In late July, the Virginia Department of Alcoholic Beverage Control (ABC) launched its 31st annual Youth Alcohol and Drug Abuse Prevention Project (YADAPP), a year-long leadership program that begins with an exciting week of workshops and team building at Longwood University in Farmville. The kick-off event features teens mentoring teens with guidance about how to keep their schools and communities alcohol and drug free.
Virginia’s First Lady Dorothy McAuliffe, an avid volunteer who is passionate about making smart choices and building healthy communities, delivered the opening remarks underscoring the importance of youth leadership, service and pride in community. “I am a mom of five children myself - two out of college, one in college, and a 15 year old and a 13 year old - so this is very personal to me,” she said.
YADAPP attracts hundreds of motivated young adult leaders from across the state, with attendance at 435 this year. Teams of four student leaders, each accompanied by an adult sponsor, convened for five days of workshops, strategic planning, speakers, networking and building excitement around being drug and alcohol free student leaders. Participants worked with trained youth leaders knowledgeable about today’s issues, leadership development and team building. All youth leaders have participated in previous YADAPP programs.
Despite positive trends, YADAPP participants were reminded that Virginia teens are still at risk. The number of young people killed annually in alcohol-related crashes has been reduced by half and the prevalence of underage alcohol has declined since the 80s, yet binge drinking, drug use and other increased risk behaviors still negatively impact young adults’ future goals. “That’s why we need your leadership and courage today more than ever,” one adult sponsor commented in her evaluation of the program. “The work that you will do this week and the plans that you will take with you to your schools and communities is important and lifesaving.”
Participants brainstormed issues facing teens in their schools and communities and created plans to deter those high-risk behaviors during the upcoming school year. The objective of the YADAPP experience is to have each team develop a Strategies To Act Now (STAN) prevention plan, a written action plan that promotes prevention of substance use within their own schools and communities.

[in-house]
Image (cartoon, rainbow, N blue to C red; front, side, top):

Since its inception, YADAPP has impacted the lives of more than 10,000 students from 440 Virginia high schools and community organizations across the state. School administrators interested in instituting prevention programs at their schools and parents and young adults who want to create a team for next year’s YADAPP are encouraged to visit www.yadapp.com or email email@example.com.
The Virginia Department of Alcoholic Beverage Control (ABC) is a major source of revenue for the commonwealth, contributing more than $1.8 billion to the general fund in the last five years. The agency currently operates 351 state stores. Its Bureau of Law Enforcement oversees more than 16,000 ABC licensed establishments while the Hearings and Appeals Division considers more than 700 cases each year. The agency also provides alcohol education and prevention programs for people of all ages. Now celebrating its 80th anniversary, ABC remains committed to progress and innovation in carrying out its control, service and revenue mission.
Young Adult Leadership Conference Yields Nearly 80 Strategic Plans for Safer Communities